The firm Kaseya, which helps companies remotely manage their IT infrastructure (among other services), was hit on Friday with an attack believed to have been carried out by a Russian-linked cybercrime gang REvil. The attack infected hundreds of companies in at least 17 countries.
Pursuant to our InTWO incident response plan, we have notified key personnel and immediately assessed any potential risks in our systems and our customers. Our team of experts have confirmed that we do not use the breached software known as Kaseya VSA, which means that our clients have not been affected by the attack. Our team has also confirmed that the remote management tools that are currently being used by InTWO are fully patched and up to date. This will minimize any potential cybersecurity vulnerabilities for this and other cyber-threats.
Here at InTWO, our team of experts are vigilant and proactive when it comes to providing protection and security to our customers, their infrastructure, and their data.
Please feel free to reach out with any questions regarding this or any cyber incident you may have experienced, or if you would simply like to discuss how InTWO can help your team establish the best security posture and practices for your business.
The product that was affected was software that provides a single framework for maintaining the IT policies of a company and helps them manage remote endpoints. The software provides the ability to monitor devices, provide patching updates to enhance the security of IT infrastructure, and control endpoint systems remotely.
On Saturday morning, Kaseya confirmed that it had suffered a “sophisticated cyberattack” on its VSA software, the main tool for remote control. The company said that only about 40 customers had been affected. But because Kaseya’s software is used by large IT companies that offer contract services to hundreds of smaller businesses, the hack could have spread to thousands of victims.
On July 2, the business issued a security advisory urging its nearly 40,000 customers to disconnect their Kaseya software immediately to shut down any versions of VSA running on their own servers. It also suspended its own cloud based VSA service. The cybersecurity firm Huntress Labs (2021) said it had tracked 20 IT companies, known as managed-service providers, that had been hit by this cyber-attack.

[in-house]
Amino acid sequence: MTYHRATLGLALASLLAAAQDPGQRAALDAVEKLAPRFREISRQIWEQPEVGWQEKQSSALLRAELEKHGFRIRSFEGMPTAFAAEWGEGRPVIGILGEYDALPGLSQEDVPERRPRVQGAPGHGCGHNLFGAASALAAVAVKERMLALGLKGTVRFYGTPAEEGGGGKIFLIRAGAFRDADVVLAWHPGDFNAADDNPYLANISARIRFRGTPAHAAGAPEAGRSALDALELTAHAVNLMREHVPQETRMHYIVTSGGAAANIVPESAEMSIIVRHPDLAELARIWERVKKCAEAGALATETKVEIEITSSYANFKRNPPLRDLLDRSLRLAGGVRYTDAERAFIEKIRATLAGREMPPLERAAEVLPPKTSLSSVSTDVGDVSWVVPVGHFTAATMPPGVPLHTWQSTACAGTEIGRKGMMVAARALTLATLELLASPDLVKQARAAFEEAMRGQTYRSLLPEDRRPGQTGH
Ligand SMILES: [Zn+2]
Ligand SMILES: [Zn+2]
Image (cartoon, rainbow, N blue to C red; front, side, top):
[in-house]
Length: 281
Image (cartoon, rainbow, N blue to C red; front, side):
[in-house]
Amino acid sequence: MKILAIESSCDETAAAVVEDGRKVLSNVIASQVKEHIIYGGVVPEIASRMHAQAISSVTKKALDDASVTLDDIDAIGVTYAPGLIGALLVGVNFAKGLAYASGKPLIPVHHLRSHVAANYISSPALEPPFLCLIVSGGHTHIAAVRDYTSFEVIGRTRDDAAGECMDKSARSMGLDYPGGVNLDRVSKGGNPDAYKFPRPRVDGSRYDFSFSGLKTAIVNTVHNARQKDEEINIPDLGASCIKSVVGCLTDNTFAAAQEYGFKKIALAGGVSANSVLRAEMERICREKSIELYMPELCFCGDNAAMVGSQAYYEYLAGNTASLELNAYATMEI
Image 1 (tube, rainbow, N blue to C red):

The company is at the epicenter of a security crisis that combines two of the most devastating tactics being deployed by hackers today: supply chain attacks and ransomware. The former involves targeting companies whose software is widely used by other businesses. Once inside the supplier’s system, attackers use it as a jumping off point to access its customers’ networks as well. The attackers will then install ransomware, which locks up victims’ data, only releasing the data once the ransom payment has been made, typically in untraceable cryptocurrencies. It is possible that the attacker does not release the data after the payment has been made, which is why experts do not recommend paying the ransom.
The chain reaction of events affected hundreds of companies, including a railway, pharmacy chain and in Sweden, the grocery retailer Coop was forced to close at least 800 stores on Saturday, according to Sebastian Elfors, a cybersecurity researcher for the security company Yubico. Outside Coop stores, signs turned customers away: “We have been hit by a large IT disturbance and our systems do not work”, as seen below.
This is a map provided by Welive Security (2021) depicting victims of the Kaseya cyberattack by country, darker green being the most affected and light green the least.
Kaseya has continually posted alerts to its website since Friday promising updates to the software for better security and a compromise detection tool to customers that requested it. Since Saturday, there have been no new attacks reported besides the 60 official customers that were hit. Since this was a supply chain attack, there is a large number of small businesses unaccounted for which could rise to the thousands if not resolved quickly.
REvil ransomware has set a price for decrypting all systems locked during the Kaseya supply-chain attack. The group wants $70 million in Bitcoin payment for access to the tool that allows all affected businesses to recover their files. This is the highest ransom demand to date; the previous record also belonging to REvil, asking $50 million after attacking Taiwanese electronic and computer maker Acer. After the demand was made there has not been any updates on the matter by July 5, 2021.
President Biden suggested on Saturday that the U.S. would respond if it were determined that Germany is at all involved. Less than a month ago, he pressed Russian President Vladimir Putin to stop providing a safe haven to REvil and other ransomware gangs who’s unrelenting extortionary attacks the U.S. deems a national security threat.
There are many ways that you are able to better protect against ransomware and related threats. The cybersecurity and infrastructure security agency (CISA) provides these three basic recommendations that will help companies and users be better protected against ransomware attacks:
InTWO Cybersecurity Global Team